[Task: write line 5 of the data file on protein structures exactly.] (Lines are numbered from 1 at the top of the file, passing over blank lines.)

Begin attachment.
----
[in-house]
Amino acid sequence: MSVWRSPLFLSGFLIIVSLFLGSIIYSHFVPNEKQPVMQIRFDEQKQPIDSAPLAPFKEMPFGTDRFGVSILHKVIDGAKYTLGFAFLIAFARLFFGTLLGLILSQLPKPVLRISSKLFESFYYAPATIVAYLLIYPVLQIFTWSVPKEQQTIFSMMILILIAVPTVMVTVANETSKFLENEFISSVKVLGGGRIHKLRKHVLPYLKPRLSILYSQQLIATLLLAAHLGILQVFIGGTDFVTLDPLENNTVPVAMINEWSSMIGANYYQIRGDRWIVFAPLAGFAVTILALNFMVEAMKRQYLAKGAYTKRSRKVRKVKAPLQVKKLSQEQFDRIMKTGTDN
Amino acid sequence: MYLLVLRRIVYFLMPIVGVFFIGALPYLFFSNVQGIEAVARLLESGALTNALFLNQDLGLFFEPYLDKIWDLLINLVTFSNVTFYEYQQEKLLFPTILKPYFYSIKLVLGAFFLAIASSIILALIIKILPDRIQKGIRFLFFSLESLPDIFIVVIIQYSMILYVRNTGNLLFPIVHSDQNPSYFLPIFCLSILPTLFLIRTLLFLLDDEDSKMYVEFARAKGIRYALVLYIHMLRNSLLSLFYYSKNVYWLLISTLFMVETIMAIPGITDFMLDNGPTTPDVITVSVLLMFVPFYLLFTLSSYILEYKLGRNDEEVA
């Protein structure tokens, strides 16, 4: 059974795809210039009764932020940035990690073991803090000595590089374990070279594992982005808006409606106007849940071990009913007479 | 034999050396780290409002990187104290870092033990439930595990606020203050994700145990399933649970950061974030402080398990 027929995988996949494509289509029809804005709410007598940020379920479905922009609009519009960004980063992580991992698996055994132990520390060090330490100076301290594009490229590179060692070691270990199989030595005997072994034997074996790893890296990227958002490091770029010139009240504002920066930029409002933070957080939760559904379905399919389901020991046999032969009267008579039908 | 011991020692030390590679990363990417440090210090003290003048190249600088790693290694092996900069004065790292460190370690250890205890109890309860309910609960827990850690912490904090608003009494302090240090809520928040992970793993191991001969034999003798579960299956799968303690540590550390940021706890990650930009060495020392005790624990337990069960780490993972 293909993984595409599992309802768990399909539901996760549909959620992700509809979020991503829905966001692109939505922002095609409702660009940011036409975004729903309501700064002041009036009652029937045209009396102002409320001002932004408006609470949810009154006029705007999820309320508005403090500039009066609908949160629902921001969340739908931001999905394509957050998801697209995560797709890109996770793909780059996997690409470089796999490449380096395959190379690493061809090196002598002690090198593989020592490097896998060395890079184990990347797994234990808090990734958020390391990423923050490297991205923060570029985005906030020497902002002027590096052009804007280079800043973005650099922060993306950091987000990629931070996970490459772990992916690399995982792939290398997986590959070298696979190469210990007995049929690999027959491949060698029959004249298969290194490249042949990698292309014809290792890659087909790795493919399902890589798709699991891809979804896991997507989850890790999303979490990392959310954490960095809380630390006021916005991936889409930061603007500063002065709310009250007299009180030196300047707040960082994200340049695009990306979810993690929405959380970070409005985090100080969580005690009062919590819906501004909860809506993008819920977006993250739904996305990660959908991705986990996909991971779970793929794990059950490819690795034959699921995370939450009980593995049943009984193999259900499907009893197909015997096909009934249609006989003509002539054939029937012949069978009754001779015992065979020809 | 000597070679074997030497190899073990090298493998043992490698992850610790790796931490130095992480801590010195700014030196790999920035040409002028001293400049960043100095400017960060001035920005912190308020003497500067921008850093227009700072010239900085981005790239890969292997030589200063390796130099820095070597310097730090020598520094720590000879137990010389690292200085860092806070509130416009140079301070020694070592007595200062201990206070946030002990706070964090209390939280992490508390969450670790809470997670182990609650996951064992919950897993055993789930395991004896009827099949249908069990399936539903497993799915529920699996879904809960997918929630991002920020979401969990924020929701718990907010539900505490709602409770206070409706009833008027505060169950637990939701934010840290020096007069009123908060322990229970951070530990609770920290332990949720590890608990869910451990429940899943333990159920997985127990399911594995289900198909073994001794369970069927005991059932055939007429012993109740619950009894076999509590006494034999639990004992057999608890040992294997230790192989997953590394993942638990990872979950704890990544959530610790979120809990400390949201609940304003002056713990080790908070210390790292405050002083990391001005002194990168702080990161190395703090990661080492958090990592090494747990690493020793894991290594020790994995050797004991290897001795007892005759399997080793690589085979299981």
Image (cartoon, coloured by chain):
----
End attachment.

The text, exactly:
Image (cartoon, coloured by chain):